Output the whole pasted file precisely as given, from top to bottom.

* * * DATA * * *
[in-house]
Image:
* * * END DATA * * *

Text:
[in-house]
Image: